These were the words of Cardinal Luis Antonio Tagle after leaving his post as president of Caritas Internationalis, the largest network of Catholic charities in the world, for two terms.
Caritas Internationalis is a network of 162 relief, development, and social service organizations functioning in more than 200 nations and territories worldwide. It is also regarded as the second-largest humanitarian aid organization in the world after the Red Cross.
Tagle spoke in front of around 400 delegates from different parts of the world during the confederation’s 22nd general assembly on May 11 to 16, 2023 in Rome, as they elect a new leader of Catholic Church’s social arm.
He shared the lessons he learned after supervising Caritas Internationalis for seven and a half years, a post that was supposed to enhance his chances to become the next pope.
“This coming together is really an event of a family. A family coming together, brought together by our common faith, common hope, and common love service,” he said Thursday, May 11, during the opening of the general assembly.
He also expressed his gratefulness to the administrators and the rest of members of the confederation for joining him in his duties in the past years.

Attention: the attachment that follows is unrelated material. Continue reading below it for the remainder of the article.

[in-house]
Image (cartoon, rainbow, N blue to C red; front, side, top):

Tagle’s successor, Japanese Archbishop Tarcisius Isao Kikuchi, was chosen by Caritas Internationalis’s 22nd General Assembly on Saturday, May 13.
Kikuchi is the second Asian inducted as the president of Caritas Internationalis. Tagle was the first Filipino and first Asian president of the confederation since it was founded in 1951.
Tagle had served as the organization’s president since May 2015 and was reelected to that role in May 2019.
But Pope Francis deposed Tagle and the rest of the organization’s leaders in November 2022 due to management issues that were allegedly the fault of Aloysius John, the organization’s former secretary-general.
In a papal decree dated November 2022, Pier Francesco Pinelli was appointed temporary head of Caritas, with Tagle serving as his assistant, an indication that the Filipino cardinal continues to have the Pope’s trust and was most likely involved in the revision’s decision-making process. (KJF)